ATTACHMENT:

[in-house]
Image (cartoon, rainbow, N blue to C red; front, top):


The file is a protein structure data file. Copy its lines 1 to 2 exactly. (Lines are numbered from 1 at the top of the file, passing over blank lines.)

[in-house]
Image (cartoon, rainbow, N blue to C red; front, top):